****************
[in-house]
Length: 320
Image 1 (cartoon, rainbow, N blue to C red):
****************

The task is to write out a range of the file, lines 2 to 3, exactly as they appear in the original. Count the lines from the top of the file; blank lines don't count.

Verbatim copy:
Length: 320
Image 1 (cartoon, rainbow, N blue to C red):